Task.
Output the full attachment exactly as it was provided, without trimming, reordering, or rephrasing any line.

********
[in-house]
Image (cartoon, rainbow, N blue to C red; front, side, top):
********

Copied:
[in-house]
Image (cartoon, rainbow, N blue to C red; front, side, top):